It's a brand new year, and one of our big projects on Simply Recipes is finding ways to help YOU eat healthier. No diet plans. No restrictions. Just good food. What exactly do we mean by that? Here's everything you need to know.
It’s a brand new year, friends! New beginnings and new projects to tackle! New mountains to climb and new goals to achieve! I admit to being one of those annoying people who wakes up on January 1st with a big smile on my face and a notepad already in hand for writing out a long list of things I want to do. (Don’t hate me.)
One of the big projects we’re tackling here at Simply Recipes this new year has to do with healthy eating.
I’m not talking about dieting or any kind of calorie counting or restrictive eating. I’m talking about straight-up healthy eating. The good foods we put in our mouths to make our bodies feel awesome and ready to climb all those mountains.
HEALTHY EATING RESET CHALLENGE (FREE!)
Want to kick off your own healthy eating adventure? Join us this January for our first ever January Reset Challenge! Blogger and registered dietitian Katie Morford is going to help us think through what healthy eating means to each of us so we can make good decisions for our own bodies.
Participation is entirely free and includes:
- Weekly meal plans that are custom-made for our January Reset
- A new challenge each week to fine-tune healthy habits (with prizes!)
- New recipes, developed especially for the Challenge
- Access to a private Facebook group to share ideas, learn new tips, and get inspired
Ready?! Sign up for the January Reset Challenge right here!
What does healthy eating mean to Simply Recipes? I’m glad you asked! Read on!
HEALTHY EATING ISN’T ONE SIZE FITS ALL
Healthy eating isn’t a one size fits all situation. It has a lot to do with our individual bodies and what makes us each feel good or not-so-good. It’s about paying attention to what our bodies are telling us and making little adjustments along the way. It’s a work in progress.
So healthy eating for you might look a little (or a lot) different than what it looks like for me—and hey, that’s ok.
A ROADMAP FOR HEALTHY EATING
But still, we have to start somewhere, right? Here is the general roadmap for what we consider to be everyday healthy eating here on Simply Recipes:
- Lots of fruits and vegetables of every stripe and color
- A variety of whole grains, legumes, and beans
- Protein! Fish, chicken, tofu, tempeh, and eggs in our weekly meals, with room for occasional lean cuts of red meat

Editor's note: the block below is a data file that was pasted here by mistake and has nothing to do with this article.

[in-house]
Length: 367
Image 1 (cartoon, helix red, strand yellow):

- Fresh dairy foods like yogurt, kefir, cottage cheese, and milk, as well as their non-dairy counterparts. Cheese, too, but in moderation.
- Foods that provide healthy fats, such as nuts, seeds, avocado, and olive oil
- Whole grain versions of breads, pastas, and tortillas
- Mindful use of added sugars, with an emphasis on less processed sweeteners like honey, maple syrup, and dates
You’ve probably noticed the absence of things like refined sugar, fatty cuts of meat, heavily processed foods, foods with artificial ingredients, and sweetened drinks on this list. That doesn’t mean that they are no-no’s; it just means that it’s probably best to rely on them less heavily. Think of them as a treat rather than a part of your everyday diet.
Also, everything in moderation. This is just a roadmap, and you’re allowed to veer off the path for a picnic every now and then.
“HEALTHY” RECIPES ON SIMPLY RECIPES
We’ve created a new collection of recipes from the Simply Recipes archive that fit the guidelines we talked about above. You can take a look at it right here:
- Healthy Recipes on Simply Recipes
We’ll be adding to this collection all the time, so bookmark it for when you need some help planning meals for the week or inspiration to get you out of a rut.
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Emma Christensen is the Editor-in-Chief of Simply Recipes, and has over 10 years of experience creating food and content for web and print. She was formerly the recipe editor for The Kitchn and is the author of three books on home-brewing, True Brews, Brew Better Beer, and Modern Cider. Emma is a graduate of The Cambridge School for Culinary Arts and Bryn Mawr College. She lives in San Jose, California.
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